The 105-mile-long Gauley River rises in the highlands of eastern West Virginia (WV) and descends across the south-central state through an area of tablelands into its western valleys. It joins the New River at Gauley Bridge, West Virginia, to form the Kanawha River. It flows south-westward from its headsprings in the forests on Gauley Mountain at more than 4,000 feet above sea level.
Its basin is almost entirely forested, though farmlands and a few small towns are located along its mid-course. Along the way, the river descends out of Pocahontas County through Webster and Nicholas counties to its junction with the New in Fayette County at Gauley Bridge, West Virginia. The drainage of the Gauley is roughly 1,430 square miles. Many hunting and fishing camps are located along its banks.
Gauley River National Recreational Area
The river rises in the Monongahela National Forest in the Allegheny Mountains region. Its lower course descends through the Gauley River National Recreational Area, a world-class destination for paddling and whitewater rafting. The National Park Service administers the recreation area as part of the New River Gorge National Park and Preserve. Above the recreation area, the river is impounded as Summersville Lake, the largest lake in West Virginia. The upper river and three of its primary tributaries, the Cherry River, Cranberry River, and Williams River, are popular fly-fishing streams. Its lower tributary river, the Meadow River, is a famous whitewater and bass-fishing stream.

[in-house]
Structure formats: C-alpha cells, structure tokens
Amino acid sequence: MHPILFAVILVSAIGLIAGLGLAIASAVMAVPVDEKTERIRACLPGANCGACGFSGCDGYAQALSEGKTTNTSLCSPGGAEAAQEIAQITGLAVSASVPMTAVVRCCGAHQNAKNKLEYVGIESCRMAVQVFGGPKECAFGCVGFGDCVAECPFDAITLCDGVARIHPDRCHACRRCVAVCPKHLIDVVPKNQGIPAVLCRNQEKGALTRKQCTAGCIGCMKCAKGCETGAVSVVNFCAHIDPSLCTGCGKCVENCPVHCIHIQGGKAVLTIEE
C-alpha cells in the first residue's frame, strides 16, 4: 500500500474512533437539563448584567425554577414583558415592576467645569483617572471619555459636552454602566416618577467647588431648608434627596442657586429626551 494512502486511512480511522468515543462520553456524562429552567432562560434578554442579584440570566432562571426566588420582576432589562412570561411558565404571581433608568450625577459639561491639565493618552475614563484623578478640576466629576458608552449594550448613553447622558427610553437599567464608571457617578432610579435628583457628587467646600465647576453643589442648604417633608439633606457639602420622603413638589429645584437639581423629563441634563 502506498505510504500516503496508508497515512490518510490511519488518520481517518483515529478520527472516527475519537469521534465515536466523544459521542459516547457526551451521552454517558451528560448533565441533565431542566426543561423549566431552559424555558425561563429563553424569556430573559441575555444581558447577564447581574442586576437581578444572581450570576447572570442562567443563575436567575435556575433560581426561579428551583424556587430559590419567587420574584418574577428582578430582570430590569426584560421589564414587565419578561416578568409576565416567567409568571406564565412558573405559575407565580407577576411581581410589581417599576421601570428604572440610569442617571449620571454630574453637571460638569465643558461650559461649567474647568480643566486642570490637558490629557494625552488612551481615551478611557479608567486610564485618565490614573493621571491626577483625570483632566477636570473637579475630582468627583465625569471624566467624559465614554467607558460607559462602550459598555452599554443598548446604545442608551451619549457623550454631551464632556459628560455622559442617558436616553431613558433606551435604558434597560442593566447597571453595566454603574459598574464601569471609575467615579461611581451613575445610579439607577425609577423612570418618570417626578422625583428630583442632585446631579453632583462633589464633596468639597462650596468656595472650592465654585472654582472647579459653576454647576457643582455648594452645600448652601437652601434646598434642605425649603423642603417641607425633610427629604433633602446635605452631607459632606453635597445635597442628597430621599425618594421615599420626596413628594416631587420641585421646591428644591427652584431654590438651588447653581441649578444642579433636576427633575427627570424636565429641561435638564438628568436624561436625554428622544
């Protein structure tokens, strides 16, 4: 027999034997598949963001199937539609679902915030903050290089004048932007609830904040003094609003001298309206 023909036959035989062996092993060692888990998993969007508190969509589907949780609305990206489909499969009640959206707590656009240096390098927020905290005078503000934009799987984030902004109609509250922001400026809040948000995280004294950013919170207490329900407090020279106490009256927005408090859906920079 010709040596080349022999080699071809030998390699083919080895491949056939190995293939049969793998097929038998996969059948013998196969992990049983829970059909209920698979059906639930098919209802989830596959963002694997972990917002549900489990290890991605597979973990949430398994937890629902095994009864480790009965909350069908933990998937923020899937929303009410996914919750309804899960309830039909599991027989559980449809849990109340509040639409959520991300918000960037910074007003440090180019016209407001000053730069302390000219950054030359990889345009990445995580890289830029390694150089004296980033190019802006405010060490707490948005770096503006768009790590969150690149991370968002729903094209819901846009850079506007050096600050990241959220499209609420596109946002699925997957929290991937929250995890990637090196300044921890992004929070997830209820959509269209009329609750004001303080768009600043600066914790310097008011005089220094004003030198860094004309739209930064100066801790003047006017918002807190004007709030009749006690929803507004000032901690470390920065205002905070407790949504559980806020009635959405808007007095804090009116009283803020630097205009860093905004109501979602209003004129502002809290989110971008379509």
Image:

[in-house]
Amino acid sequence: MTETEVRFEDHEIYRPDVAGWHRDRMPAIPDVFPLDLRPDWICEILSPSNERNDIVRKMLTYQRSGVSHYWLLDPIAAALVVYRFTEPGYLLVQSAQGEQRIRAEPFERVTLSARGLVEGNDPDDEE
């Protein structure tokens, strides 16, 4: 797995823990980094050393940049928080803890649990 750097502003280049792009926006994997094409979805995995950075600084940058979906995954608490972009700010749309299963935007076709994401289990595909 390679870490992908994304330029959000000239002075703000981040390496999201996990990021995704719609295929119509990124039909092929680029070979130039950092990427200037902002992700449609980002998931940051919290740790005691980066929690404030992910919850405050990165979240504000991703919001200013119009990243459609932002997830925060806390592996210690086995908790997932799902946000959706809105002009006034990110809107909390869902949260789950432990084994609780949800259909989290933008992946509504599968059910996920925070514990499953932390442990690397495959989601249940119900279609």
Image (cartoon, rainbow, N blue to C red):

History of the Gauley River
Aboriginal people lived within the watershed of the Gauley River, though it remained largely unoccupied as a result of its rugged terrain. The first European settlement in the region was at Peters Creek in Nicholas County in the 1700s. Coal and timber operations were established throughout the basin in the late 1800s, drawing more people to settle along the Gauley River and surrounding uplands.
During the Civil War, on September 10, 1861, a skirmish erupted between soldiers at Carnifex Ferry, which was a crossing on the Gauley River at the mouth of the Meadow River. It is now preserved as part of Carnifex Ferry Battlefield State Park.
Gauley River Communities
From source to mouth, the following select cities, towns, and villages are located on or near the Gauley River.
- Gauley Mills, WV
- Camden on Gauley, WV
- Cowen, WV
- Craigsville, WV
- Summersville, WV
- Swiss, WV
- Jodie, WV
- Belva, WV
- Gauley Bridge, WV
The name Gauley is said to be of French origin, a modification of the old French word, Gaud, which might in this application mean "ebulent" or "showy.
Chin-que-ta-na, Chinquetanacepewe, Falling Creek, Gaul River, Gawly River, Gualey River, River of Gauls, The Falling Creek, The Falls Creek, To-ke-be-lo-ke, To-ke-bel-le-ke, To-ke-bel-lo-ke, Tokobelloke. "To-ke-bel-lo-ke" is said to be a Native American phrase, from the Delaware tribe, meaning "falling creek"
Information on lodging, dining, and recreation on and near the upper Gauley River, upstream of Summersville Lake, may be found in our guide to travel in the Allegheny Highlands Region. Information on the river downstream of Summersville Lake may be found in the New River Gorge Region.
- Five little-known facts about rafting the Gauley River